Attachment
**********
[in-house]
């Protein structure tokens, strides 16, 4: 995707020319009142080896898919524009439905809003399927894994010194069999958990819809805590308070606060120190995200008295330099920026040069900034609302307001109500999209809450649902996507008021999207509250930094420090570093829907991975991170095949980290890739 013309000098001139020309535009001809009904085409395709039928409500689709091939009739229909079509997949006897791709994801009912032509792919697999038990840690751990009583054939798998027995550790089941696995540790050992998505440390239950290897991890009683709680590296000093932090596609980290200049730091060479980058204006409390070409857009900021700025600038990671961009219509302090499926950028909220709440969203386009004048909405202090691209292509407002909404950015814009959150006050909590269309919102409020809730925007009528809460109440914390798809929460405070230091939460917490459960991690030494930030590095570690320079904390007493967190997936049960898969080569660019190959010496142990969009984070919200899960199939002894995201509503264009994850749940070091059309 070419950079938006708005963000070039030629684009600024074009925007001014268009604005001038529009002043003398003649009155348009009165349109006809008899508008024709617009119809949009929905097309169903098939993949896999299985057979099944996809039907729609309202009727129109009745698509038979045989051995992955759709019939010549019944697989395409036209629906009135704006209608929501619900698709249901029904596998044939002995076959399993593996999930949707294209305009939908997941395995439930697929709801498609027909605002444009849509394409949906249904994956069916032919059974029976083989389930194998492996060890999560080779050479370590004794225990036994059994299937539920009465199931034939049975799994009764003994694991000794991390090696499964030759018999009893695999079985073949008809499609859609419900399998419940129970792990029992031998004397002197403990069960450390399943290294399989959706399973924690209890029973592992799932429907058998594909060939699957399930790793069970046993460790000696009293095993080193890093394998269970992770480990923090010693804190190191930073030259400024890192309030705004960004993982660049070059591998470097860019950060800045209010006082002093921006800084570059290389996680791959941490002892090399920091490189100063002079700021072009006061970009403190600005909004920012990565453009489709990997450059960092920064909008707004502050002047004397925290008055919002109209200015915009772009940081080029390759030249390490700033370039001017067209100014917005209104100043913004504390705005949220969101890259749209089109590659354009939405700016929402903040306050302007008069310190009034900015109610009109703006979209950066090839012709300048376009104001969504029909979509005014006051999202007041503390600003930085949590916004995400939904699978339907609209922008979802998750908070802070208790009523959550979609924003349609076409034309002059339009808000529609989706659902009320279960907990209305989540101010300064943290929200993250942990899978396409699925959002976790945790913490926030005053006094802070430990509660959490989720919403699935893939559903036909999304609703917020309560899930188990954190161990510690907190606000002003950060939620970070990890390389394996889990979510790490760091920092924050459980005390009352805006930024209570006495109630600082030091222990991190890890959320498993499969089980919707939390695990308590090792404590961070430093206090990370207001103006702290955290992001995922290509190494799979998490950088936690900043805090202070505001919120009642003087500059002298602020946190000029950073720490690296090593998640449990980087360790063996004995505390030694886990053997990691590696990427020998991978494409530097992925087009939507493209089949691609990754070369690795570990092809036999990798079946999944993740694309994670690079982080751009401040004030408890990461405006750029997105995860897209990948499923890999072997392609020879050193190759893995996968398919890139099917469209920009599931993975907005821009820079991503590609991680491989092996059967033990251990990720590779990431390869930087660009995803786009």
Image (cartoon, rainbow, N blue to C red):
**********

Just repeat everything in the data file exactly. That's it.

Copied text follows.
[in-house]
């Protein structure tokens, strides 16, 4: 995707020319009142080896898919524009439905809003399927894994010194069999958990819809805590308070606060120190995200008295330099920026040069900034609302307001109500999209809450649902996507008021999207509250930094420090570093829907991975991170095949980290890739 013309000098001139020309535009001809009904085409395709039928409500689709091939009739229909079509997949006897791709994801009912032509792919697999038990840690751990009583054939798998027995550790089941696995540790050992998505440390239950290897991890009683709680590296000093932090596609980290200049730091060479980058204006409390070409857009900021700025600038990671961009219509302090499926950028909220709440969203386009004048909405202090691209292509407002909404950015814009959150006050909590269309919102409020809730925007009528809460109440914390798809929460405070230091939460917490459960991690030494930030590095570690320079904390007493967190997936049960898969080569660019190959010496142990969009984070919200899960199939002894995201509503264009994850749940070091059309 070419950079938006708005963000070039030629684009600024074009925007001014268009604005001038529009002043003398003649009155348009009165349109006809008899508008024709617009119809949009929905097309169903098939993949896999299985057979099944996809039907729609309202009727129109009745698509038979045989051995992955759709019939010549019944697989395409036209629906009135704006209608929501619900698709249901029904596998044939002995076959399993593996999930949707294209305009939908997941395995439930697929709801498609027909605002444009849509394409949906249904994956069916032919059974029976083989389930194998492996060890999560080779050479370590004794225990036994059994299937539920009465199931034939049975799994009764003994694991000794991390090696499964030759018999009893695999079985073949008809499609859609419900399998419940129970792990029992031998004397002197403990069960450390399943290294399989959706399973924690209890029973592992799932429907058998594909060939699957399930790793069970046993460790000696009293095993080193890093394998269970992770480990923090010693804190190191930073030259400024890192309030705004960004993982660049070059591998470097860019950060800045209010006082002093921006800084570059290389996680791959941490002892090399920091490189100063002079700021072009006061970009403190600005909004920012990565453009489709990997450059960092920064909008707004502050002047004397925290008055919002109209200015915009772009940081080029390759030249390490700033370039001017067209100014917005209104100043913004504390705005949220969101890259749209089109590659354009939405700016929402903040306050302007008069310190009034900015109610009109703006979209950066090839012709300048376009104001969504029909979509005014006051999202007041503390600003930085949590916004995400939904699978339907609209922008979802998750908070802070208790009523959550979609924003349609076409034309002059339009808000529609989706659902009320279960907990209305989540101010300064943290929200993250942990899978396409699925959002976790945790913490926030005053006094802070430990509660959490989720919403699935893939559903036909999304609703917020309560899930188990954190161990510690907190606000002003950060939620970070990890390389394996889990979510790490760091920092924050459980005390009352805006930024209570006495109630600082030091222990991190890890959320498993499969089980919707939390695990308590090792404590961070430093206090990370207001103006702290955290992001995922290509190494799979998490950088936690900043805090202070505001919120009642003087500059002298602020946190000029950073720490690296090593998640449990980087360790063996004995505390030694886990053997990691590696990427020998991978494409530097992925087009939507493209089949691609990754070369690795570990092809036999990798079946999944993740694309994670690079982080751009401040004030408890990461405006750029997105995860897209990948499923890999072997392609020879050193190759893995996968398919890139099917469209920009599931993975907005821009820079991503590609991680491989092996059967033990251990990720590779990431390869930087660009995803786009």
Image (cartoon, rainbow, N blue to C red):